All of this is tremendously ambitious, but even more importantly, it’s comprehensive. And that is one of the reasons that that program being launched in California could really provide leadership for the entire country, around the integration of the social determinants of health into care management in the Medicaid program, as well as with regard to the application of a person-centered approach to Medicare care management.

Nor is California alone in beginning to integrate the social determinants of health into Medicaid program-based care management; Massachusetts is moving forward significantly also. As Raths wrote yesterday, “One of the avenues health systems are exploring in terms of addressing social needs is nutrition. But is there research demonstrating that health systems paying for nutrition support leads to better health outcomes? That’s what legislators in Massachusetts want to find out. Massachusetts Democratic State Sen. Julian Cyr and House Rep. Denise Garlick have introduced a bill that would establish a pilot program to give individualized nutrition services —including meals, groceries, or grocery money—to residents enrolled in Medicaid and then measure the impact of doing so on people’s well-being and the state’s bottom line.

As Raths noted, “The bill would require the Executive Office of Health & Human Services to implement a Food and Health Pilot Program to demonstrate the impact on health outcomes and cost effectiveness of medically tailored nutrition services for MassHealth enrollees diagnosed with diet-related health conditions.” Among the elements to be included will be meals tailored to individual medical conditions by registered or qualified nutritionists; non-prepared grocery items selected for patients by registered dietician nutritionists; and subsidies for free or discounted nutrient-dense food.

Meanwhile, things are moving forward along another dimension in the District of Columbia. As Raths reported on November 7, “The Centers for Medicare & Medicaid Services (CMS) has approved a Medicaid demonstration project that broadens treatment services available to Medicaid beneficiaries living in Washington, D.C., diagnosed with serious mental illness (SMI) and/or serious emotional disturbance (SED). CMS also approved the District’s request to begin providing new services for its beneficiaries diagnosed with substance use disorder (SUD). The District is the first in the nation to receive federal approval of the new SMI/SED opportunity first described in a letter to state Medicaid directors in late 2018. The SMI/SED section 1115 demonstrations,” he noted, “will allow state Medicaid programs to overcome a longstanding payment exclusion which will, in turn, allow them to treat individuals with serious mental illness who are short-term residents in settings that qualify as institutions for mental disease (IMD). The District is also taking advantage of CMS’s demonstration opportunity that offers similar flexibilities for Medicaid beneficiaries diagnosed with opioid use disorder (OUD) or other SUDs.”

And that’s not all. As Raths reported on November 8, “As part of its long-term effort to make data more accessible to researchers and citizens, the Centers for Medicare & Medicaid Services (CMS) has released its research-ready Transformed Medicaid Statistical Information System (T-MSIS) data, a collection of Medicaid and CHIP data files. Over the last five years,” he noted, “CMS and state governments have worked to improve the quality and integrity of the data states submitted to T-MSIS. The result is better beneficiary-level data on the Medicaid and CHIP program than has been available before. CMS is continuing to work with states to improve reporting to ensure that future data releases will be even better.”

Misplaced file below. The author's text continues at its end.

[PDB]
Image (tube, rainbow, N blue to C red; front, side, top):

What’s more, the T-MSIS data set contains enhanced information about beneficiary eligibility; beneficiary and provider enrollment; service utilization; claims and managed care data; and expenditure data for Medicaid and CHIP. “CMS,” he noted, “called the milestone release part of its MyHealthEData initiative to get data into the public domain to promote data-driven solutions, help ensure sound program performance, support improvement, and identify and prevent fraud, waste and abuse in the Medicaid and CHIP programs. CMS and researchers can use the data to analyze what states and the federal government are paying for Medicaid and CHIP services. These data provide information on utilization and spending under Medicaid managed care, and are needed to enable research and analysis to improve quality of care, assess beneficiary care costs, and enrollment and improve program integrity, CMS said in a press release. The availability of T-MSIS data is essential to allow monitoring and oversight of Medicaid and CHIP programs, to enable evaluation of demonstrations under section 1115 of the Social Security Act, and to calculate quality measures and other metrics.”

What’s incredibly heartening about all of these different advances is that they are moving Medicaid forward in different ways across different states and locations, and, in the case of the release of the T-MSIS data set, through the facilitation of data exchange. I’ve been saying for a couple of years now that everyone should be watching and tracking developments in Medicaid programs and in Medicaid managed care (and honestly, every single state program now is becoming a managed care program, but explicitly and implicitly), because if care management can be made more clinically effective and cost-effective and can improve patient/beneficiary outcomes, in Medicaid managed care programs, any such advances could set the pace for the entire U.S. healthcare industry. And they will be able to help Medicaid program managers address issues such as those faced by program managers in Graham County, North Carolina. As we all know, the leaders and managers of Medicaid programs continue to operate on incredibly tight budgets. And what they can achieve in terms of care management successes will really point to what is achievable U.S. healthcare system-wide. Watch for it.